I started out bored by this book, grew to like it, and got annoyed by the ending. In terms of books I’ve read for English classes, it was actually pretty good, even if suffered from sloppy storytelling.
Set in the harsh Puritan community of seventeenth-century Boston, this tale of an adulterous entanglement that results in an illegitimate birth reveals Nathaniel Hawthorne’s concerns with the tension between the public and the private selves. Publicly disgraced and ostracized, Hester Prynne draws on her inner strength and certainty of spirit to emerge as the first true heroine of American fiction. Arthur Dimmesdale, trapped by the rules of society, stands as a classic study of a self divided.
I cannot make up my mind on this book. Parts of it I enjoyed, parts of it I hated. I guess it all averages out to three stars.
Hawthorne’s writing is beautiful but tiring. His use of metaphor and imagery is amazing; he understood how to make a point with rhetoric. (His habit of shoving any analysis that existed in his reade’s face was a tad bit annoying, but I’ll live.) His love of winding sentences and superfluous punctuation, on the other hand, can be exhausting to read. TSL is extremely quotable, but those quotes will end up being pretty long. (As I learned when I used two quotes for my Weekend Words meme.)
Looking back on the text, I come down in favor of his writing style–because, let’s be honest, it’s incredible to read, and as a long-winded comma-lover myself, I appreciated his dedication. (We won’t comment on how I would have answered this question while I was doing my reading homework at ten at night.) I’m glad that I’ve read this book…I’m just not sure that it couldn’t have been a novella.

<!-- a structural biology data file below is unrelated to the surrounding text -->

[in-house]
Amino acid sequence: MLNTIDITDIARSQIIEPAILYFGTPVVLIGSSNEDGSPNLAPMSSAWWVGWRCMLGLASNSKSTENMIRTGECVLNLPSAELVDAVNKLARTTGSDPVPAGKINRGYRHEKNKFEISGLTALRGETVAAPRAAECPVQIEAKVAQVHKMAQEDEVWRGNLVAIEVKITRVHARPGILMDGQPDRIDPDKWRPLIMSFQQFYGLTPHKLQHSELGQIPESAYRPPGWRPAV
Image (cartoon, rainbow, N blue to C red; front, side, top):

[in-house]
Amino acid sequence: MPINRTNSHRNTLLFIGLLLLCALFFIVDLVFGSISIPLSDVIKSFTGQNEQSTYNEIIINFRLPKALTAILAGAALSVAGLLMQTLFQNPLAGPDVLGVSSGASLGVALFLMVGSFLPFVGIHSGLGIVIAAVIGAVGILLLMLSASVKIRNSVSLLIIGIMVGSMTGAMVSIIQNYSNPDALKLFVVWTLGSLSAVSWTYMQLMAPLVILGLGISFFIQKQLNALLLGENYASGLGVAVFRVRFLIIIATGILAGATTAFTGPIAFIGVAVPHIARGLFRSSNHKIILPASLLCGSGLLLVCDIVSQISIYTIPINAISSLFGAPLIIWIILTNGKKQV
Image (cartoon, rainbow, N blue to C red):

The plot of The Scarlet Letter is…interesting. Hester Prynne was sent over to a Purtian colony in the 1600s ahead of her husband; her husband didn’t show up for two years, but Hester was pregnant. Accused of adultery, Hester was forced to wear a scarlet letter on her chest for the rest of her life–a punishment that ostracized her from the rest of the sin-fearing society. The plot focuses on discovering who she adultered with and how raising the child of her adultery (Pearl) affected Hester’s personality. Her husband also eventually shows up, hiding his identity from all but Hester, and becoming a symbol of revenge.
The plot had it’s dramatic and touching moments, but for the most part, is was slow-paced and on the cusp of being boring. Hawthorne has a habit of saying the same thing over and over again, which resulted in chapters being longer than they really needed to be for the amount of forward progress the plot underwent.
I was impressed by the characters in this book. Hester, our adulteress, is a fascinating mixture of characteristics: she is submissive and demure at times, but she has a bold, rebellious streak that she passes on to her daughter. Pearl, the aforementioned daughter, was hands-down my favorite character: she’s elfish and creepy, almost un-human, with both precocious and childlike mannerisms–she brought life to the story. I would not want her as my daughter, but I loved reading about her, and I would read a spin-off book about her life after TSL, no question. The two male characters–her husband and her adulterer–(unnamed purposefully) were realistic and strangely un-likable. The side characters were one-dimensional but added to the message and tone of the story in their own ways.
What frustrates me most about this book is its identity crisis. Since I read this book for English class, I spent a lot of time and energy trying to find a focus of the plot, but Hawthorne kept contradicting himself. He hates the Puritan society, but ends up endorsing their morality (at least partially). As a transcenentalist, he’s supposed to champion nature, but nature is shown as a corrupting force (in some scenes). While this makes the book more complex, as a student, it was frustrating.
I would recommend this book to fans of classics, people who can derive pleasure and not headaches from Old-Timey sentences. TSL would appeal to fans of subtle plots and vivid characters. People who long for dialogue or rapidly paced plots will probably be disappointed, but everyone can relate to or be affected by some part of the books’s numerous themes.